The second interlude is an apotheosis of rhythm. It is in fact an exercise too.
The Tabla sounds Dhin ta a a a - - - ta ta aa ta ta aa( 3+4+3+3+3)-played 4 times in two aavartanaas-totally 64 maatraas, 32(16x2) in each aavartanaa..The gentle sitar along with the very subtle flute peep in now and then heightening the experience
The strings now weave wafts of gentle breeze. What follows now is more intriguing. The strings and percussion alternate with each other.
After 19 maatraas in ‘mel kaalam’-played by the strings without percussion, the Tabla sounds
ta – dhi- ta ka ta ki ta ta ka dhi mi
The strings play again, this time with a slightly different set of swaras and the same pattern is repeated by the Tabla.
Strings with a new set now and after 13 maatraas, the percussion sounds
ta ki ta ta – dhi – ta ki ta ta ka ta ki ta ta ka dhi mi (3+4+3+5+4=19).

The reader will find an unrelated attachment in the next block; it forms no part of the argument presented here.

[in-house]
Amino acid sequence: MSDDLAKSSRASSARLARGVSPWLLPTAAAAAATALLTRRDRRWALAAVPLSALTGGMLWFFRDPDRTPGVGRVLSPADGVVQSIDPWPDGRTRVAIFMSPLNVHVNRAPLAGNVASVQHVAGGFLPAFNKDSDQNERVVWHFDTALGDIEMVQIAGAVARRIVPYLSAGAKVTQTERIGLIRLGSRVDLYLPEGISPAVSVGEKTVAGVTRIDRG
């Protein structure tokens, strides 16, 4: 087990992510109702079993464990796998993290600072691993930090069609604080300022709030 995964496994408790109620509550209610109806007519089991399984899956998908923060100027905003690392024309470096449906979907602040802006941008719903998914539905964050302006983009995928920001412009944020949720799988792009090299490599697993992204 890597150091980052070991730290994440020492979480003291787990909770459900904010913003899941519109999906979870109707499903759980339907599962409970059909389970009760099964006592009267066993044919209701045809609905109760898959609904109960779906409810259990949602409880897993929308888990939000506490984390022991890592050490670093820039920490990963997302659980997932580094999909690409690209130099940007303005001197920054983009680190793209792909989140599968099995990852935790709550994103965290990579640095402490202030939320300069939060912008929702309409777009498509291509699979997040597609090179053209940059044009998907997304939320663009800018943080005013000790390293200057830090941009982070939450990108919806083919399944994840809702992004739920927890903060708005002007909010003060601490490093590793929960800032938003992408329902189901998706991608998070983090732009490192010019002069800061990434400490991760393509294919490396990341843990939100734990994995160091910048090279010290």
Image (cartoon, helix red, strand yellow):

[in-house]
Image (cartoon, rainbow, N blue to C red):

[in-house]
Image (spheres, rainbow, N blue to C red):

And this happens twice. Therefore it is 13(strings) plus 19 twice which is 64 maatraas again in one aavartanaa.
Note that in the previous pattern, 19 are played by the strings and 13 by the percussion and this is reversed in the one that follows this.
The strings now play for 7 maatraas and the percussion sounds
ta ka dhi mi ta ka ta ki ta
The strings-yet again with a new set of swaras- play for 7 maatraas and it is
ta ka dhi mi ta ka ta ki ta
The 9 maatraas( ta ka dhi mi/ta ka ta ki ta) pattern is a classic sankeerNam pattern.
Laya is a state of mental quietude. It is stillness.
Carnataka Khamas and intricate Laya.
A mantra which gives Shantam..
Om shanti shanti shantihi.